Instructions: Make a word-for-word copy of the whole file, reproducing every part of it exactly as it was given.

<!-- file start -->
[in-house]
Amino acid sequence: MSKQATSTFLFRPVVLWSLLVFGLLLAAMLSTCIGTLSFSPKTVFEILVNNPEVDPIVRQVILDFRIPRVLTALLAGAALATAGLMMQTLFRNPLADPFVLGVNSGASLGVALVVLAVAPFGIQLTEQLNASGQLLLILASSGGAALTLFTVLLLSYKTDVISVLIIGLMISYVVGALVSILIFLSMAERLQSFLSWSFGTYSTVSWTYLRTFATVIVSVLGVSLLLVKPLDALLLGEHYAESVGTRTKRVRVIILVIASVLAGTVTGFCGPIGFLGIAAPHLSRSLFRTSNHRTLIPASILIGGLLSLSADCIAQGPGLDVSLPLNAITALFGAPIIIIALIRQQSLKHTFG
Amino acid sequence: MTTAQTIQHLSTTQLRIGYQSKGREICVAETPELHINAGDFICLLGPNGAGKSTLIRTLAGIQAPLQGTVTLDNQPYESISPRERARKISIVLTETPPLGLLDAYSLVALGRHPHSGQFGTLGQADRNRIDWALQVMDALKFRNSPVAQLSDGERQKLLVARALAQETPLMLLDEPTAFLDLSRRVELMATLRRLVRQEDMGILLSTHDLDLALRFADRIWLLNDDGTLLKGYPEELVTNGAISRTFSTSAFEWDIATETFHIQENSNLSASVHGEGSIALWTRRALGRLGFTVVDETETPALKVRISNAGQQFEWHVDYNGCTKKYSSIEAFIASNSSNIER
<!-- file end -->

[in-house]
Amino acid sequence: MSKQATSTFLFRPVVLWSLLVFGLLLAAMLSTCIGTLSFSPKTVFEILVNNPEVDPIVRQVILDFRIPRVLTALLAGAALATAGLMMQTLFRNPLADPFVLGVNSGASLGVALVVLAVAPFGIQLTEQLNASGQLLLILASSGGAALTLFTVLLLSYKTDVISVLIIGLMISYVVGALVSILIFLSMAERLQSFLSWSFGTYSTVSWTYLRTFATVIVSVLGVSLLLVKPLDALLLGEHYAESVGTRTKRVRVIILVIASVLAGTVTGFCGPIGFLGIAAPHLSRSLFRTSNHRTLIPASILIGGLLSLSADCIAQGPGLDVSLPLNAITALFGAPIIIIALIRQQSLKHTFG
Amino acid sequence: MTTAQTIQHLSTTQLRIGYQSKGREICVAETPELHINAGDFICLLGPNGAGKSTLIRTLAGIQAPLQGTVTLDNQPYESISPRERARKISIVLTETPPLGLLDAYSLVALGRHPHSGQFGTLGQADRNRIDWALQVMDALKFRNSPVAQLSDGERQKLLVARALAQETPLMLLDEPTAFLDLSRRVELMATLRRLVRQEDMGILLSTHDLDLALRFADRIWLLNDDGTLLKGYPEELVTNGAISRTFSTSAFEWDIATETFHIQENSNLSASVHGEGSIALWTRRALGRLGFTVVDETETPALKVRISNAGQQFEWHVDYNGCTKKYSSIEAFIASNSSNIER